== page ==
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J Bohlender, M Rauh, J Zenk, and M Groschl

Leptin plays a central role in the regulation of food intake and energy expenditure in rodents. However, it has become clear that this hormone has more than only a satiety-inducing function, and that there are other sources of leptin, such as the central nervous system, placenta and the gastrointestinal tract in addition to adipose tIssue. Knowing about the important role of the salivary glands in food intake and digestion, it was the objective of the present study to investigate how leptin and its receptor are expressed and distributed in the major salivary glands of humans. We found leptin distributed throughout the major salivary glands with obvious intracellular concentrations in granula. In contrast, immunostaining for the leptin receptor was found exclusively in the membranes of the glandular cells. A high density of the leptin receptor was localised in the epithelia of the duct lumen. PCR analysis proved the autonomous expression of leptin by the salivary glands independently from adipocytes. Accordingly the long receptor isoform was expressed by any examined tIssue. In the light of recent findings of leptin influencing the growth of rodent salivary glands, the presence and distribution of leptin and its receptor suggests an autocrine role of salivary leptin within the glands.

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M Groschl, I Knerr, HG Topf, P Schmid, W Rascher, and M Rauh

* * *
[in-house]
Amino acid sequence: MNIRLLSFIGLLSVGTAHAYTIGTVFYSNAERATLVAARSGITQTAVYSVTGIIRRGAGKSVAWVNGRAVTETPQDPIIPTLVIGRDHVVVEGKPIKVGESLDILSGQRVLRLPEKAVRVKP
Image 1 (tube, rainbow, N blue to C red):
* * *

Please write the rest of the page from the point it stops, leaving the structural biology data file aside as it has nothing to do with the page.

The response of insulin, human growth hormone (hGH), cortisol, leptin and ghrelin, in addition to various metabolic parameters, was measured at 10 minute intervals following the oral ingestion of a standardised physiological dose of essential amino acids (AA). Twenty-eight healthy male, fasted volunteers (aged 18-40 yrs, BMI 18.0-24.5 kg/m(2)) took part in the study; 13 volunteers in the AA group, nine subjects in an iso-caloric control group, and a further six subjects served as fasting controls. Twenty minutes after ingestion, insulin reached peak concentrations that were up to 500% higher than basal values (P<0.0001). The AA group and iso-caloric control group showed a similar insulin response. AA ingestion led to an increase in hGH secretion with maximum concentrations being 2100+/-1013% higher than the basal values (P<0.0001). In contrast, no changes in hGH concentrations were observed in the iso-caloric controls; in the fasting controls only a slight increase in hGH was found towards the end of the fasting period. While cortisol decreased significantly (P<0.01) during the study in the AA group, neither control group showed a significant change in this parameter. Changes in leptin levels remained insignificant in all three groups, whereas ghrelin showed a different profile in each of the three groups, i.e. a continuous rise towards the end of the study period (P<0.001) in the AA group, a less significant effect for the fasting group, and no effect at all in the iso-caloric control group. There was no significant correlation between the concentrations or the area under curve of the hormones measured in any of the groups. The endocrine data provided in this study indicate that a single bolus of essential AA in fasted individuals is associated with both anabolic and catabolic hormonal responses.